Zonal valuation adjustments to hike property taxes, prices
MANILA, Philippines - Real estate prices and taxes are bound to go up in most parts of the country once new zonal values are finalized by the Bureau of Internal Revenue (BIR), officials said last week.
"We are updating them (zonal values) again ... Most of them will likely go up because of developments in most areas," BIR Deputy Commissioner Nelson M. Aspe said in a phone interview Sunday last week.
District and regional offices of the BIR all over the country are now conducting public hearings on the proposed zonal values -- the worth of a property for taxation purposes, some of which have not been updated for 10 years.
For the country’s top commercial areas -- Manila, Makati, and Quezon City -- zonal values are expected to rise but those in areas hit by calamities such as Marikina are likely to remain the same or even go down, regional BIR officials said.
Makati and Quezon City revenue district officials declined to say how much the increases would be. For Revenue District Office (RDO) 33 covering Intramuros-Ermita-Malate in Manila, however, data obtained by BusinessWorld showed zonal values could rise by 35-40%.
BIR Commissioner Kim S. Jacinto-Henares, in a telephone interview last week, said zonal values were used to prevent the undervaluation of properties to avoid the payment of higher taxes.
"In selling your property, it has always been the zonal value or the selling price, whichever is higher," that is used as the basis for computing the required capital gains, documentary stamp, estate and income taxes, she explained.
These taxes are paid by the seller of the property. The adjustment in zonal values means the 6% capital gains and 1.5% documentary stamp taxes will have higher base prices -- that is, in case zonal values rise -- resulting in higher taxes to be paid by the seller, Ms. Jacinto-Henares said.
"For the estate tax, transfer of properties will be costlier," she added.
Ma. Victoria A. Villaluz, president of the Tax Management Association of the Philippines, said properties can be sold "lower than the zonal value" but in computing the taxes, the BIR’s "basis will be the zonal value, not the selling price."
Zonal value differs from the market value, or the price on a property agreed on by seller and buyer.
Victor J. Asuncion, executive director for research and consultancy at CB Richard Ellis Philippines, said real estate prices could also be expected to rise in Cebu and in Clark Field in Pampanga where "developments are expected to spur demand in buying properties."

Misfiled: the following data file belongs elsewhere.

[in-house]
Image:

"In Mindanao, of course, you will have to classify where the war is. The war is in Basilan, so there is possibility that zonal values will likely stay there but that is not true for the rest of Mindanao," Mr. Asuncion explained.
"More often than not, BIR does not adjust zonal values downwards. What [it does] is to hold them and wait until inflationary pressures pull them up again."
The BIR’s Mr. Aspe said updating of zonal values should be done "every three years" but "tedious process" prevents the bureau from doing so. In April 2010, then Internal Revenue Commissioner Joel L. Tan-Torres issued Revenue Memorandum Order 41-2010 ordering RDOs to update their zonal values "not later than June 30, 2010."
BIR data showed that out of 115 RDOs nationwide, only 13 were able to comply: Urdaneta, East Pangasinan; Tabuk, Kalinga-Apayao; West Makati; Bacoor, North Cavite; two districts in Calamba, Laguna covering Calamba City and the cities of Los Baños and Sta. Cruz and Victoria and Pila towns; Batangas City; Lucena City; Gumaca, Quezon province; Binalbagan, Negros Occidental; Catbalogan, Western Samar; Zamboanga Sibugay; and Zamboanga City.
Iluminada V. Lucero, officer in charge of the BIR’s Asset Valuation Division, last Tuesday said RDOs in East Makati, South Makati, Las Piñas-Muntinlupa, San Jose, Antique and Kalibo, Aklan, submitted updated zonal values last month but these were returned for a discrepancy check. She did not elaborate.
"It is a continuing program. There’s really no deadline for these RDOs to submit updated zonal values," Ms. Lucero said.
Before reaching the BIR national office, the proposed zonal valuations have to undergo a series of public hearings at both the district and regional levels.
Mary Anne A. Sumpay, secretariat of the technical committee on zonal valuation at the Quezon City regional office, said "public hearings have already been conducted" on the proposed increase in zonal values for Novaliches, Pasig East, Mandaluyong and Cubao.
"Two RDOs in Marikina and Pasig West, meanwhile, asked to retain their zonal values due to the ‘Ondoy’ tragedy," she added.
In 2009, tropical storm Ondoy struck Metro Manila, destroying around P11 billion worth of property, particularly in Marikina, Pasig and Pateros.
Minerva P. Podreo, member of the technical committee on valuation at the BIR regional office, said "most" zonal values in Makati would increase by "different percentage levels". Out of the four districts in Makati, only RDO No. 48 or East Makati was able to revise its zonal values last year.
A hike in zonal valuations would help the BIR collect more taxes although Ms. Jacinto-Henares said "there is no estimated collection target" as far as national property taxes are concerned.
The BIR, which accounts for about 70% of the government’s programmed tax revenues, is behind its 2010 collection goal based on official data, collecting only P753.3 billion as of November against the P783.03-billion target.
Final December and 2010 collection figures are scheduled to be released within the week, although Mr. Aspe earlier this month said the bureau may have missed its P73.78-billion December goal by "more than P1 billion."